REMOTE SENSING AND PALEOMAGNETISM OF THE TUFF OF BONELLI HOUSE, NW ARIZONA AND SE CALIFORNIA
Remote sensing work utilized atmospherically corrected Advanced Spaceborne Thermal Emission and Reflection Radiometer (ASTER) imagery. Outcrops of TB in Kingman are below the spatial end spectral resolution of ASTER imagery, but likely correlative ignimbrite exposures in the Sacramento Mtns, CA, are sufficiently extensive for ASTER investigation and were ground-truthed and used as training data for a supervised classification, which allowed us to predict where additional relevant outcrops may occur.
Anisotropy of magnetic susceptibility on drill core was determined at Scripps Institution of Oceanography while magnetic remanence was determined at Pomona College. Stable remanence following alternating frequency cleaning indicate a preliminary, average remanence direction of 200.9 / -26.4. This direction contrasts the N to NE directions seen in the immediately underlying Peach Springs Tuff (e.g. Wells & Hillhouse 1989 and Varga 2010). AMS directions were determined using a MFK1 kappabridge and were corrected for ~40 km of slip on the Whipple Detachment Fault (Lister & Davis, 1989).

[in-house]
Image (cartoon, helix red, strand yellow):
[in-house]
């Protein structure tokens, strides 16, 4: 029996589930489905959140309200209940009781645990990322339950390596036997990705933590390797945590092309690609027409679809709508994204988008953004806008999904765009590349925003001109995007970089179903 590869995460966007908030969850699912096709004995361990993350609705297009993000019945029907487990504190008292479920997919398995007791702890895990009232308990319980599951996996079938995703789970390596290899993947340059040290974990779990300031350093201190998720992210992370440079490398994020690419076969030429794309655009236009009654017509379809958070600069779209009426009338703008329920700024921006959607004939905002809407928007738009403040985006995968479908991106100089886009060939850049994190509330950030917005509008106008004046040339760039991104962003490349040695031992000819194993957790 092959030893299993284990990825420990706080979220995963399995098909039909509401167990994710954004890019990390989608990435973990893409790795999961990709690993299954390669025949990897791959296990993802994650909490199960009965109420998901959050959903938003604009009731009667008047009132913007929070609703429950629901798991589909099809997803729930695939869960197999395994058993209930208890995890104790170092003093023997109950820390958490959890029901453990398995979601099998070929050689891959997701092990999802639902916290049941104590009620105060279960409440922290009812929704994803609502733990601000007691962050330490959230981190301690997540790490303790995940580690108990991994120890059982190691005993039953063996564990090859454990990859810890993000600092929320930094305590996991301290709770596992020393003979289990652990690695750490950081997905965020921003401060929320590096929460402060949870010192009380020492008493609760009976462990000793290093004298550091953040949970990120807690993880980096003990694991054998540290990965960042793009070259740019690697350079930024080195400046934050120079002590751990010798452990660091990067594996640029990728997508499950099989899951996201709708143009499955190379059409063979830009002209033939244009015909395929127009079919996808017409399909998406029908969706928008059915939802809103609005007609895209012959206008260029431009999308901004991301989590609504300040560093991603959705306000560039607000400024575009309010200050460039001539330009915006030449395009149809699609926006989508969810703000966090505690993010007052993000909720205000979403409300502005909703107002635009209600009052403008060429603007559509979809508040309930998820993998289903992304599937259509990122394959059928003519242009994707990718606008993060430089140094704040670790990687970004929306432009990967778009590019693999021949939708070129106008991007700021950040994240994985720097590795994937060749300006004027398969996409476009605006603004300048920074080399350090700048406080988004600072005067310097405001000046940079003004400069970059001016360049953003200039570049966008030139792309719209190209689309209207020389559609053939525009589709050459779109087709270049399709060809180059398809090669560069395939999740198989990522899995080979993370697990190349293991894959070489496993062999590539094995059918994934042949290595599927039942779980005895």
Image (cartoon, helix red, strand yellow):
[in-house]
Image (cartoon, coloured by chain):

We identified a spectral signature and preliminary remnant paleomagnetic direction for the TB and identified potential, additional outcrops in the geological vicinity. AMS demonstrates that the TB ignimbrites originated from a source in a location close to that of the PST (a tectonically dismembered caldera in Sacramento and southern Black Mtns (Ferguson et al. 2013). The remnant paleomagnetic direction allows us to constrain these possible TB exposures as having been emplaced within a similar timeframe. The contrasting paleodirection of the TB and PST allows us to confidently say that the tuffs erupted at distinctly different times.